Saturday, 6 May 2017
This quote has stayed with me for the last 7 years, it hit me in the chest the first time I read it. I carry it around in the marrow of my bones, in those places deep inside ourselves where truth lives, where healing happens.
I spent my childhood exiled from my body, trying to create as much distance as possible from what it actually feels like to live inside this skin, how it feels to have my muscles tense uncontrolledly.
I wished daily for a normal body. I wished for it mostly because I was subjected to painful procedures by doctors and daily painful therapy by my mum in an effort to straighten this bent body.
But clearly I was never meant to be straight. *Ladies*
All the medical interventions achieved was years of feeling profoundly ashamed and disconnected from myself. The idea that I could feel at home inside myself was unthinkable to 16-year-old me, that I could feel pride and love my body, just as it is and not wish to change it, that my body would become central to my identity and life’s work in disability rights.
Calling this body home is an ongoing act of resistance and resilience when society tell me in a myriad of ways that I don't belong. From the buildings I cannot access, to the god damn stairs that are everywhere, to the gawking, gaping and staring that I am subject to every time I go out in public, to the inaccessible trams that map this city which I cannot access, which tell me clearly I do not belong, that I am not equal, in this city which I call home.
She says "I love how you have a sound, that is different to how everyone else sounds. The turn of your tires, the touch of your hands to your wheel rims, a soft sound of metal, muscle and skin moving together. I love that I can hear you coming home, wheeling up the ramp, moving about the house and know it is you and it is familiar and beautiful. I love how you move in your chair, and how your body has a rhythm and sway to it that is just yours."
She calls me home, into the sinews of my muscles which bend and curl, says she loves how un-straight I am and names the parts that refuse to be straightened and kisses them, draws them out into the light.
Love should push you to the edges of yourself and give you courage to go to those edges, to do the things that expand you and make you grow, but it should also give you a soft space to land, a sense of comfort and belonging and acceptance. It should call you home.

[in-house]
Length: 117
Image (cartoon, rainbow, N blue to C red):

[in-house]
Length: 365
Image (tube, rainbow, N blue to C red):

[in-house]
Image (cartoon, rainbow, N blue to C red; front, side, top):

I am no longer ashamed. I am proud.
I have found reclamation and pride in the experiences and knowledge of other people with disabilities as they find ways to reclaim their bodies too, as they call their bodies home and do so proudly, boldly and unapologetically.
I want to end with a poem called You Get Proud by Practicing by disability activist Laura Hershey:
If you are not proud
For who you are, for what you say, for how you look;
If every time you stop
To think of yourself, you do not see yourself glowing
With golden light; do not, therefore, give up on yourself.
You can get proud.
You do not need
A better body, a purer spirit, or a Ph.D.
To be proud.
You do not need
A lot of money, a handsome boyfriend, or a nice car.
You do not need
To be able to walk, or see, or hear,
Or use big, complicated words,
Or do any of those things that you just can’t do
To be proud. A caseworker
Cannot make you proud,
Or a doctor.
You only need more practice.
You get proud by practicing.
There are many many ways to get proud.
You can try riding a horse, or skiing on one leg,
Or playing guitar,
And do well or not so well,
And be glad you tried
You can show
Something you’ve made
To someone you respect
And be happy with it no matter
What they say.
You can say
What you think,
though you know
Other people do not think the same way, and you can keep saying it, even if they tell you
You are wrong.
You can add your voice
All night to the voices
Of a hundred and fifty others
In a circle
Around a jailhouse
Where your brothers and sisters are being held
For blocking buses with no lifts,
Or you can be one of the ones
Inside the jailhouse,
Knowing of the circle outside.
You can speak your love
To a friend
You can find someone who will listen to you
Without judging you or doubting you or being
Afraid of you
And let you hear yourself perhaps
For the very first time.
These are all ways
Of getting proud.
None of them
Are easy, but all of them
You can do all of these things,
Or just one of them again and again.
You get proud
Power makes you proud, and power
Comes in many fine forms
Supple and rich as butterfly wings.
It is music
when you practice opening your mouth
And liking what you hear
Because it is the sound of your own
It is sunlight
When you practice seeing
Strength and beauty in everyone,
It is dance when you practice knowing
That what you do
And the way you do it
Is the right way for you
And cannot be called wrong.
All these hold
More power than weapons or money
All these practices bring power, and power
Makes you proud.